Coalition’s second multibillion-dollar coronavirus stimulus expected to target businesses and low-income earners | Business


The Coalition is considering a boost to income support for vulnerable welfare recipients and businesses as part of a second multibillion-dollar “safety net” package, as the government warns the extra spending will not be enough to avoid widespread job losses stemming from the Covid-19 health crisis.

The new economic rescue package comes as the national cabinet was preparing to sign off on a range of new health measures aimed at slowing the spread of the virus on Tuesday night, including restrictions on indoor gatherings and new measures for the aged care sector and remote indigenous communities.

The health minister, Greg Hunt, has also flagged a massive scaling up of public testing for the disease amid concern over test kit shortages, saying he will make a “major announcement” on the country’s testing regime on Wednesday.

According to the Department of Health, the global shortage of test kits is the reason behind the government’s decision to undertake targeted, rather than widespread testing.

As of Tuesday, there are 438 confirmed cases of the virus in Australia, with a third federal politician – the Liberal senator Andrew Bragg – among the latest to test positive to the disease.

Three senators who attended a committee hearing with Bragg last week – Jenny McAllister, Tony Sheldon and Rex Patrick – are now in self-isolation.

The rapidly escalating crisis has prompted the Coalition to hastily develop another wave of economic stimulus, which is expected to be more far-reaching than the $17.6bn package announced last week.

Federal cabinet discussed options in a meeting on Tuesday, with the measures also discussed by the cabinet’s expenditure review committee, however it is understood no final decisions have been made.

The government is looking at ways to ramp up support through existing programs and mechanisms, but the package is unlikely to be announced until after the Reserve Bank of Australia intervenes again on Thursday either through another emergency rate cut or a significant purchase of government bonds.

It is expected the government will put the new measures to a scaled-down parliament next week to be voted on before the Easter break and the May budget.

It is possible the government will also a deliver a separate assistance package for airlines in advance of unveiling the second round of stimulus either at the weekend or early next week. Qantas has signalled it will close 90% of international flights and 60% of domestic flights from the end of the month.

The government and the opposition have agreed that only 90 of the country’s 151 MPs will come to Canberra for the next parliamentary session, along with 54 of the country’s 76 senators.

The package is expected to target both heavily affected industries as well as vulnerable low-income earners.

However, even with the extra billions of dollars in government support, the finance minister, Mathias Cormann, warned that the “grim reality” was that jobs would be lost as the country faced an “unprecedented” economic shutdown.

“We are very conscious that as we are looking at things today, that many businesses will close and many Australians will lose their jobs,” Cormann said on Tuesday.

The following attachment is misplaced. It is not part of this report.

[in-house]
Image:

“We will ensure that they have got the appropriate levels of support through this transition to the other side when there will be a strong bounce back and a strong recovery.”

The finance minister also revealed that the government was looking at specific measures to help vulnerable low-income earners, who he conceded would be hard hit by a downturn.

“We are very seriously considering what appropriate supports we can provide, in particular to the most vulnerable across our community and specifically those that are most severely impacted,” Cormann said.

“This is going to be a tough period. There will be a strong recovery on the other side, but it is going to be a tough period. We are all in this together. We are going to come up with the best possible way to get ourselves through this period.”

Amid calls for the government to do more to protect casual workers, the minister for industrial relations, Christian Porter, said the existing social safety net was the best delivery mechanism “for those who will need help in the challenging times ahead”.

“But however many people may require help in the challenging times ahead, because they find they are not able to work or because they have experienced unemployment due to changed economic conditions, the best assistance mechanism is the welfare system because of its proven ability to deliver income support to affected workers,” Porter told Guardian Australia.

“This is the most effective way to ensure income support reaches those in need as simply and quickly as possible, with regular waiting periods waived.”

Porter said that while the government was not considering “wholesale structural change” to the industrial relations system, those most affected needed “income support until things improve”.

The Australian Chamber of Commerce and Industry chief executive, James Pearson, called on the government to offer more support for anyone in the workforce who has to self-isolate without access to an income – including both employees and small business people.

“Many businesses are paying to cover periods in isolation, even where there is no legal obligation to do so,” Pearson said.

“But small, family-owned businesses struggling to survive, let alone retain the staff they have, do not have the resources to support additional payments for casuals.”



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